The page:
When I went on the hunt for this Goose Island limited release a couple weeks ago, the liquor stores that hadn’t already sold out weren’t even shelving what they had—the bottles had all been spoken for by phone. Vanilla BCS was rapturously received at the Festival of Wood and Barrel Aged Beer in November 2009 and at Goose Island’s own Stout Fest this March, where I had my first sample. At this summer’s Great Taste of the Midwest, I was waiting at the GI booth when it was tapped, and before I got to the head of the line it was gone.

Is the hype justified? In a word, yes. The beer pours almost totally black, with a fleeting cocoa-colored head. Even before the first sip it floods your nose with aromas of vanilla, bourbon, coffee, bittersweet chocolate, and creamy pralines. Inhale deeply and you can feel a slight sting of booze—that’s the 13 percent alcohol content. Vanilla BCS is brewed with real vanilla beans, and John Laffler, who runs the barreling program at GI, says this batch required around 20 pounds of them. It took four days to scrape the beans out of the pods by hand, and each bourbon barrel used for aging the beer got 40 pods’ worth. Unsurprisingly vanilla leaps out first in the flavor profile, followed by rich roasted malts and whiskey. As those notes recede, the barrel oak—which sometimes imparts a taste like toasty vanilla even to beers with no actual vanilla in them—comes forward. The mouthfeel is silky, almost syrupy, and an intense aftertaste of butter toffee lingers luxuriously. This is very much a dessert beer, right down to the calorie count—like all the Bourbon County stouts, it has almost 900 in a 22-ounce bottle.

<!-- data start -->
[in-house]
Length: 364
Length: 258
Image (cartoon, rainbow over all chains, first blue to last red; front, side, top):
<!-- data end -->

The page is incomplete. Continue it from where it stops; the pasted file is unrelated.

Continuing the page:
Philip Montoro

Philip Montoro has been an editorial employee of the Reader since 1996 and its music editor since 2004. Pieces he has edited have appeared in Da Capo’s annual Best Music Writing anthologies in 2005, 2006, 2007, 2008, 2010, and 2011. He shared two Lisagor Awards in 2019 for a story on gospel pioneer Lou Della Evans-Reid and another in 2021 for Leor Galil's history of Neo, and he’s also split three national awards from the Association of Alternative Newsmedia: one for multimedia in 2019 for his work on the TRiiBE collaboration the Block Beat, and two (in 2020 and 2022) for editing the music writing of Reader staffer Leor Galil. Philip has played scrap metal in Lozenge, drummed with the Disasters, the Afflictions, and Brilliant Pebbles, and sung for the White Outs. He wrote the column Beer and Metal from 2012 till 2015, and hopes to do so again one day. You can also follow him on Twitter.